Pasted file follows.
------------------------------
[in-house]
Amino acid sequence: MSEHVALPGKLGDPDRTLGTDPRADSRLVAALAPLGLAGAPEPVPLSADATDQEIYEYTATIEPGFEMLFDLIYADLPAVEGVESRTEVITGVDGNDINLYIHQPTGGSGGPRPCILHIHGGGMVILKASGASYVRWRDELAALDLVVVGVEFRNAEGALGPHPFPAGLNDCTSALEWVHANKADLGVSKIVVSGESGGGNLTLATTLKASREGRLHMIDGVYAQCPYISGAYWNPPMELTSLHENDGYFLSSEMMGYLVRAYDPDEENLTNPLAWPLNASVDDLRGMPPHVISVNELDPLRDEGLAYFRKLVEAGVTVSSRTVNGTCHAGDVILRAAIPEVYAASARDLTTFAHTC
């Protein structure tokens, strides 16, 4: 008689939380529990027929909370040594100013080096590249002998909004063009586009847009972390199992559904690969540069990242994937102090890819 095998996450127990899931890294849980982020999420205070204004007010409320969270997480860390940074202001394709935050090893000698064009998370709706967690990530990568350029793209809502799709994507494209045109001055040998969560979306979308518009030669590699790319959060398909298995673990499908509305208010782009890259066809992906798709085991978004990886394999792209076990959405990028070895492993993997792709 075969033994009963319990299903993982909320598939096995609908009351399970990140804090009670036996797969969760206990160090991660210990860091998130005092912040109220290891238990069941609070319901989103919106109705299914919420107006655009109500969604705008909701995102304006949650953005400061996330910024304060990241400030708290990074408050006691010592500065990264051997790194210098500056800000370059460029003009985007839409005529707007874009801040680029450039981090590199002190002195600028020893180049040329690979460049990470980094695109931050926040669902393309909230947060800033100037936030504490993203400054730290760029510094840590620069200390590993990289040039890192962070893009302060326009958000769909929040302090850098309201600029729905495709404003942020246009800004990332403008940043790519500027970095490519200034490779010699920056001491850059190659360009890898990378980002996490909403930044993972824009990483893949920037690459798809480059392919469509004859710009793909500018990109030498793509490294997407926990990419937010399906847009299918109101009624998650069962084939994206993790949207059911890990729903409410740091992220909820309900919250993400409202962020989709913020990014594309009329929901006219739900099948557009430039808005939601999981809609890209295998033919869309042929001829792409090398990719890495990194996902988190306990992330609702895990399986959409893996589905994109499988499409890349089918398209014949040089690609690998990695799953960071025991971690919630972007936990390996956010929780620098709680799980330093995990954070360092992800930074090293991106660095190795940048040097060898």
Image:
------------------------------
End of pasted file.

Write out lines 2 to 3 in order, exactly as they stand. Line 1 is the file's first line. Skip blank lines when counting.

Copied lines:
Amino acid sequence: MSEHVALPGKLGDPDRTLGTDPRADSRLVAALAPLGLAGAPEPVPLSADATDQEIYEYTATIEPGFEMLFDLIYADLPAVEGVESRTEVITGVDGNDINLYIHQPTGGSGGPRPCILHIHGGGMVILKASGASYVRWRDELAALDLVVVGVEFRNAEGALGPHPFPAGLNDCTSALEWVHANKADLGVSKIVVSGESGGGNLTLATTLKASREGRLHMIDGVYAQCPYISGAYWNPPMELTSLHENDGYFLSSEMMGYLVRAYDPDEENLTNPLAWPLNASVDDLRGMPPHVISVNELDPLRDEGLAYFRKLVEAGVTVSSRTVNGTCHAGDVILRAAIPEVYAASARDLTTFAHTC
């Protein structure tokens, strides 16, 4: 008689939380529990027929909370040594100013080096590249002998909004063009586009847009972390199992559904690969540069990242994937102090890819 095998996450127990899931890294849980982020999420205070204004007010409320969270997480860390940074202001394709935050090893000698064009998370709706967690990530990568350029793209809502799709994507494209045109001055040998969560979306979308518009030669590699790319959060398909298995673990499908509305208010782009890259066809992906798709085991978004990886394999792209076990959405990028070895492993993997792709 075969033994009963319990299903993982909320598939096995609908009351399970990140804090009670036996797969969760206990160090991660210990860091998130005092912040109220290891238990069941609070319901989103919106109705299914919420107006655009109500969604705008909701995102304006949650953005400061996330910024304060990241400030708290990074408050006691010592500065990264051997790194210098500056800000370059460029003009985007839409005529707007874009801040680029450039981090590199002190002195600028020893180049040329690979460049990470980094695109931050926040669902393309909230947060800033100037936030504490993203400054730290760029510094840590620069200390590993990289040039890192962070893009302060326009958000769909929040302090850098309201600029729905495709404003942020246009800004990332403008940043790519500027970095490519200034490779010699920056001491850059190659360009890898990378980002996490909403930044993972824009990483893949920037690459798809480059392919469509004859710009793909500018990109030498793509490294997407926990990419937010399906847009299918109101009624998650069962084939994206993790949207059911890990729903409410740091992220909820309900919250993400409202962020989709913020990014594309009329929901006219739900099948557009430039808005939601999981809609890209295998033919869309042929001829792409090398990719890495990194996902988190306990992330609702895990399986959409893996589905994109499988499409890349089918398209014949040089690609690998990695799953960071025991971690919630972007936990390996956010929780620098709680799980330093995990954070360092992800930074090293991106660095190795940048040097060898």